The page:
woman stretching to relieve sciatica pain

woman stretching to relieve sciatica painSciatica refers to nerve pain in the leg that is commonly associated with back problems such as bulging disks, compressed or pinched nerves, spinal misalignment, spinal stenosis, and tight muscles. It can start in the back and run down the leg, or it can just be a pain in the leg without back pain. It may be associated with numbness, or the sensation of pins and needles in the leg or foot, and muscle weakness of the leg.

There are several things you can try to help control and relieve your sciatica pain. Modifying your posture and activities can help by reducing pressure on the nerves in your lower back and spine.

Postural changes: Maintaining proper posture while you sit, stand, and sleep can reduce and prevent nerve irritation, muscle spasm and stiffness, and overall wellness. Here are ways to maintain proper posture in different positions.

  • Standing: Distribute your weight equally between both feet. The spine should be naturally curved with your head balanced at the top.
  • Walking: A regular walking routine is recommended. Wear appropriate running shoes or walking shoes. Focus on having your heel hit the ground first followed by your mid-sole and toes for good balance and walking form.
  • Bending and lifting: Proper bending and lifting can prevent spinal injury and avoid aggravation of sciatica if you already have it. When lifting squat down in front of the object by bending your knees, not your back. Keep the object close to your chest and use your legs to stand up.
  • Sitting: Sitting is considered the new smoking. Prolonged sitting compresses the discs and nerves of the back leading to back pain and/or sciatica. When sitting, be sure there are no objects in your back pocket like a cell phone or wallet, as they will cause a misalignment of the spine and pelvis. Sit straight in your chair with a lumbar support or pillow, and place a step stool under your feet to ensure proper sitting alignment.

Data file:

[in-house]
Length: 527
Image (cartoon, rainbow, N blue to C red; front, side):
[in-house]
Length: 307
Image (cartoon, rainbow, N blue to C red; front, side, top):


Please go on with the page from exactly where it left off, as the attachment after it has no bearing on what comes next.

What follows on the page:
• Sleeping: Sleep on your side with a pillow between your legs, or on your back with one or two pillows under your knees. This helps reduce tension on the back and sciatic nerve.


Staying active: Exercise is important for avoiding back pain and sciatica. Being physically active helps strengthen your muscles which supports your spine as well as other important structures in the body.

  • Walking: Going for a walk a few times a week is an excellent way to enjoy the weather and exercise. It’s best to walk in a good pair of sneakers that provide excellent foot support and skeletal shock absorption.
  • Stretching: Exercises such as tai chi and yoga can help reduce muscle tension through gentle stretching movements. They can also relieve mental tension and anxiety.
  • Core strengthening: Having strong core muscles is important for supporting and stabilizing the spine. If you have weak core and lower back muscles, your body will rely more on other structures for stability, such as ligaments (the connective tissues between bones), the spinal joints and discs, which lie between the spinal bones. When these more delicate structures are put under strain, it can cause back and/or sciatic pain. Therefore, having a strong core is important for enabling safe movements such as bending, twisting, and turning.

 If you find that your sciatica pain does not diminish over time, or you develop serious symptoms like bowel/bladder dysfunction, foot drop, or fever, consult your healthcare provider.


David J. BenEliyahu, DC, DAAPM, DABCSP is the Administrative Director of the Back & Neck Pain Center at Mather Hospital.